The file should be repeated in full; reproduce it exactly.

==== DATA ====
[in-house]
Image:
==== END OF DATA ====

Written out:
[in-house]
Image: